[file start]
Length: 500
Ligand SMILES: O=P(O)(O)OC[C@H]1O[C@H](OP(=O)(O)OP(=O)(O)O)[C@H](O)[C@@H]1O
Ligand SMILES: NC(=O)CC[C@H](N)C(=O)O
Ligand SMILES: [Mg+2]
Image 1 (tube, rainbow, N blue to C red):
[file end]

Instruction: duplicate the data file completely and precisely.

Length: 500
Ligand SMILES: O=P(O)(O)OC[C@H]1O[C@H](OP(=O)(O)OP(=O)(O)O)[C@H](O)[C@@H]1O
Ligand SMILES: NC(=O)CC[C@H](N)C(=O)O
Ligand SMILES: [Mg+2]
Image 1 (tube, rainbow, N blue to C red):